US President Donald Trump (File photo)
US President Donald Trump (File photo)

New releases show Ukraine aid freeze began 90 minutes after Trump-Zelensky call

ANI | Updated: Dec 23, 2019 12:04 IST

Washington D.C. [USA], Dec 23 (ANI): The White House, roughly 90 minutes after the telephonic conversation between US President Donald Trump and his Ukrainian counterpart Volodymyr Zelensky on July 25, ordered the Pentagon to freeze security funding for Kiev, according to new government documents released on Sunday.
"Based on guidance, I have received and in light of the administration's plan to review assistance to Ukraine, including the Ukraine Security Assistance Initiative, please hold off on any additional DoD (Department of Defence) obligations of these funds, pending direction from that process," Mike Duffey from the White House, in charge of overseeing national security money, said.
"Given the sensitive nature of the request, I appreciate your keeping that information closely held to those who need to know to execute direction," CNN quoted Duffey as saying.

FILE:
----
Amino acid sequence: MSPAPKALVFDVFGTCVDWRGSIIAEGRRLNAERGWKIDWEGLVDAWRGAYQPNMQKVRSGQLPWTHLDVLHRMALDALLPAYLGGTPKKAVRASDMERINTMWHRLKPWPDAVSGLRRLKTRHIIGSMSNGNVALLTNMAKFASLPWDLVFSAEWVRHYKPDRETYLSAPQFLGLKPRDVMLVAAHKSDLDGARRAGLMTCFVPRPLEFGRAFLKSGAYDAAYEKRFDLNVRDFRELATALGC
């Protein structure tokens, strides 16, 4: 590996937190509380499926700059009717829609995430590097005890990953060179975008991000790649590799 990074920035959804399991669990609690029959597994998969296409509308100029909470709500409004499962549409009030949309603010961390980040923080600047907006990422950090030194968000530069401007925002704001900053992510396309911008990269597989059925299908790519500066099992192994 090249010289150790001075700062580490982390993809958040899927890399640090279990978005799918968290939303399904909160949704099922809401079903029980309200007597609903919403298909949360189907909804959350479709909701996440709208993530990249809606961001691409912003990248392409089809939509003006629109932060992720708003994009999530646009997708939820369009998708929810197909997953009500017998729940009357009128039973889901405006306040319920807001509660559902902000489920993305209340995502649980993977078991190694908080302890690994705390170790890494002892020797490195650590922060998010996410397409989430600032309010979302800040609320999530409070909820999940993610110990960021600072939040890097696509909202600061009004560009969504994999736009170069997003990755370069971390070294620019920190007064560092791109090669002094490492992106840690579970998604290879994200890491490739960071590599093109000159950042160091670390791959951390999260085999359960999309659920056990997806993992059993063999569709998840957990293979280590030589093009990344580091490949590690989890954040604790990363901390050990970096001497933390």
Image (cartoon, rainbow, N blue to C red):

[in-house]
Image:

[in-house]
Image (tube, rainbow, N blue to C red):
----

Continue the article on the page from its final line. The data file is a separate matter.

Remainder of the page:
While a formal notification is due to be sent later, Sunday's revelation was the first clear sign that the aid was being held -- a short time after the phone call in which Trump pressed Zelensky for investigations that could boost the former's presidential bid in 2020 election.
Senate Minority Leader Chuck Schumer renewed his call for Duffey to be a witness at the Senate impeachment trial, saying that the e-mail showcases the information he may be able to offer.
"If there was ever an argument that we need Duffey to come to testify, this is that information. This e-mail is explosive. A top administration official, one that we requested, is saying, that stop the aid 90 minutes after Trump called Zelensky and said keep it hush, hush. What more do you need to request a witness?" Schumer said at a news conference in New York on Sunday.
The budget office, however, dismissed linking the hold of the aid to the call.
While much of the release was redacted, the documents shed some light on the conversations between two government organisations who were carrying out the President's orders even amid concerns by some that they could run afoul of the law.
Though these releases have been heavily redacted, they begin to shade in more detail about officials' exchanges regarding the Ukraine aid pause, which House Democrats pursued as they investigated and impeached the President.
However, they could not access the documents because of the White House's refusal to comply with congressional subpoenas.
More public document releases are scheduled in January to groups that have sued. (ANI)